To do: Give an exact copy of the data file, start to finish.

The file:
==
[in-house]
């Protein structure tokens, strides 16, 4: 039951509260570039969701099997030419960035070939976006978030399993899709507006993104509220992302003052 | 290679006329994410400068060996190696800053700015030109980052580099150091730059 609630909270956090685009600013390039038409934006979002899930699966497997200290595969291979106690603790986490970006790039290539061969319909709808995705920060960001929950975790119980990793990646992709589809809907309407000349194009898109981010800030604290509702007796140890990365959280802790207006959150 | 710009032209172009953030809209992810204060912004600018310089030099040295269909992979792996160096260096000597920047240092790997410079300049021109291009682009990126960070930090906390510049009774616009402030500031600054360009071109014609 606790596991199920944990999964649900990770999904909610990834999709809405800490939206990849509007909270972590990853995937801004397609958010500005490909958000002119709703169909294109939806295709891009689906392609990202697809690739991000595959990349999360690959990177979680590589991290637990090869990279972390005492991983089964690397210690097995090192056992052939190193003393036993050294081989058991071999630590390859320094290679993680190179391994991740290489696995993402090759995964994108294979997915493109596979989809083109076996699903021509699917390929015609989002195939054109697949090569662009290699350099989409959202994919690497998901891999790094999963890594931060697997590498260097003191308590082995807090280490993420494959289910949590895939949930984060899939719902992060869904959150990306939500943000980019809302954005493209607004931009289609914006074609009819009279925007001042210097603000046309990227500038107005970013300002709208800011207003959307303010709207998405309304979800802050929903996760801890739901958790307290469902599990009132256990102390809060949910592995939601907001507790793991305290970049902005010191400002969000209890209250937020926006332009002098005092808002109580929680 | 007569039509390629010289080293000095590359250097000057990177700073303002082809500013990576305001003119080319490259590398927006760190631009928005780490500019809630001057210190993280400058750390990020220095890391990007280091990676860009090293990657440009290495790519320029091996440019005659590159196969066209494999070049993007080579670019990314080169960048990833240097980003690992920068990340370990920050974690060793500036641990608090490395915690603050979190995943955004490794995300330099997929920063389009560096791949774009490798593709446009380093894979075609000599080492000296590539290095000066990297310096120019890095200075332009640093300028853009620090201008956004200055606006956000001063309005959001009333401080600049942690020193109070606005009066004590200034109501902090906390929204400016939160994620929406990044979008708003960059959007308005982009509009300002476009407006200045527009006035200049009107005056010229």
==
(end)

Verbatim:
[in-house]
């Protein structure tokens, strides 16, 4: 039951509260570039969701099997030419960035070939976006978030399993899709507006993104509220992302003052 | 290679006329994410400068060996190696800053700015030109980052580099150091730059 609630909270956090685009600013390039038409934006979002899930699966497997200290595969291979106690603790986490970006790039290539061969319909709808995705920060960001929950975790119980990793990646992709589809809907309407000349194009898109981010800030604290509702007796140890990365959280802790207006959150 | 710009032209172009953030809209992810204060912004600018310089030099040295269909992979792996160096260096000597920047240092790997410079300049021109291009682009990126960070930090906390510049009774616009402030500031600054360009071109014609 606790596991199920944990999964649900990770999904909610990834999709809405800490939206990849509007909270972590990853995937801004397609958010500005490909958000002119709703169909294109939806295709891009689906392609990202697809690739991000595959990349999360690959990177979680590589991290637990090869990279972390005492991983089964690397210690097995090192056992052939190193003393036993050294081989058991071999630590390859320094290679993680190179391994991740290489696995993402090759995964994108294979997915493109596979989809083109076996699903021509699917390929015609989002195939054109697949090569662009290699350099989409959202994919690497998901891999790094999963890594931060697997590498260097003191308590082995807090280490993420494959289910949590895939949930984060899939719902992060869904959150990306939500943000980019809302954005493209607004931009289609914006074609009819009279925007001042210097603000046309990227500038107005970013300002709208800011207003959307303010709207998405309304979800802050929903996760801890739901958790307290469902599990009132256990102390809060949910592995939601907001507790793991305290970049902005010191400002969000209890209250937020926006332009002098005092808002109580929680 | 007569039509390629010289080293000095590359250097000057990177700073303002082809500013990576305001003119080319490259590398927006760190631009928005780490500019809630001057210190993280400058750390990020220095890391990007280091990676860009090293990657440009290495790519320029091996440019005659590159196969066209494999070049993007080579670019990314080169960048990833240097980003690992920068990340370990920050974690060793500036641990608090490395915690603050979190995943955004490794995300330099997929920063389009560096791949774009490798593709446009380093894979075609000599080492000296590539290095000066990297310096120019890095200075332009640093300028853009620090201008956004200055606006956000001063309005959001009333401080600049942690020193109070606005009066004590200034109501902090906390929204400016939160994620929406990044979008708003960059959007308005982009509009300002476009407006200045527009006035200049009107005056010229």